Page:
Using New Media for place development

For my new media course, I still want to explore this idea of place and place making. I recently found this article, “A gateway to the global city: Mobile place-making practices by expats”

The major themes that seems to be prevalent in the literature like places matter, but people might matter more seem to prevail in this article. One of the things that really struck me while reading this was how we can almost be part of a place. When studying expats (like my interest in international teachers) I focused on people staying in the expat community not really having a sense of place. This article suggests they have a sense of place, although it may be slightly different.

Many of the expats in this article desired to have a more international experience, so while living in a place is important, knowing the people in that place wasn’t as important. They can be a part of the international community living in Paris, not really know any Parisians, and still (maybe) have a developed senes of place.

It will be interesting to see how these ideas progress and change along with my thinking. While it may not be the most engaging article for my research, I never thought about how participation in an online community, can bring me closer to understanding the international scene in a city, which will help me develop a sense of place (even if it’s not the “genus loci” sense of place).

Polson, E. (2015). A gateway to the global city: Mobile place-making practices by expats. new media & society, 17(4), 629-645.

Sense of Place in Australian Environmental Education Research: Distinctive, Missing or Displaced?

I’m trying to re-read articles and come up with some points so I have a better understanding of what I’m researching. I have more comprehensive notes, I just want to see how my thinking changes.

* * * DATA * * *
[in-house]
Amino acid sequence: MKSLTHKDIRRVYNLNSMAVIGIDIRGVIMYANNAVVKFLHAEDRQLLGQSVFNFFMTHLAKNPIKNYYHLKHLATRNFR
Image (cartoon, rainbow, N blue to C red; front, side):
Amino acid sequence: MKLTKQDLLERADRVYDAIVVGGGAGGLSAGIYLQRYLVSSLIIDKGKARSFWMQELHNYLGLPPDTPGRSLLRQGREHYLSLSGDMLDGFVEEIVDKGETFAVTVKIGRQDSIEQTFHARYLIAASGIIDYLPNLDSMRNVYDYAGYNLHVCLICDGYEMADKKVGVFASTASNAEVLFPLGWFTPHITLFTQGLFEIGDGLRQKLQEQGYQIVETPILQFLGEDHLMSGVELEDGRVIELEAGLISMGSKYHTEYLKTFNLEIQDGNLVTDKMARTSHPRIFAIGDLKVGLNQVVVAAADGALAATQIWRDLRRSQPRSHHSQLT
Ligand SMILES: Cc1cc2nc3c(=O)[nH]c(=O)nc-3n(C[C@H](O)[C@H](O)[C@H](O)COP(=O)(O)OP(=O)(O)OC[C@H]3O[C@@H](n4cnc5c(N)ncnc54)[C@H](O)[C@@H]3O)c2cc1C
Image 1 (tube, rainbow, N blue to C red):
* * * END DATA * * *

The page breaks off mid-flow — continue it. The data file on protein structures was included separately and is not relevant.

Some of the ideas from this article have jumped out at me differently than previous readings. “emplacement is not something people choose – it is, ontologically speaking, a condition of human being” (Trigger, 2008, p.301, in Stevenson, 2011).

As an expat. I’m not sure this is entirely true. While my birthplace was not chosen, I’ve been lucky enough to have the experience (at times) to choose my place. Stevenson (I think) argues more on my side, that we have a choice but mostly that choice is how we build our identity around our sense of place. Since a sense of place can be somewhat (depending on who we read) socially constructed, I wonder how this fits together.

I do agree, so far anyway, that we can’t really exist without place, we need to form some sort of relationship, regardless of how fleeting it might be, with the space we occupy. Regardless of where we are, this article suggests that place has some role to play on self identity.

As an expat, I also wonder about Gruenewald’s idea of globalisation as placelessness. This is a line I think I want to get more into as I wonder about the idea of displacement as being disempowering, which leads us do almost lack an identity?

These are my thoughts from relooking over this paper, hopefully I can be a little more disciplined and write more in the coming months.

Stevenson, R. B. (2011). Sense of Place in Australian Environmental Education Research: Distinctive, Missing or Displaced? Australian Journal Of Environmental Education,, 27(1), 46-55.

New Media?


 Some rights reserved by See-ming Lee (SML)

One of my courses this year is on New Media and the impact it has on education.

These are always interesting things to think about, but right now I’m in a class where many of the people who are working are in a school that has different views and ideas than our school has. Our underlying philosophy of education is somewhat different which means, we have different access to how they can use media.

One of the things that has always struck me as a digital literacy coach (although I’m not one anymore) is the idea that people really need to shift their thinking before they really dig deep into new media. We can’t really get into what Web 2.0 is if we don’t know how to act in a participatory way. If our whole world is top down, why does 2.0 matter?

Other people are concerned with the types of tools, and the idea of screen time. While I get that I can be wrong (and mostly likely am wrong about this and many things) I really believe, from my experience, that tools come after frameworks and thought shifts. If we don’t know how to build, why do we need a tool?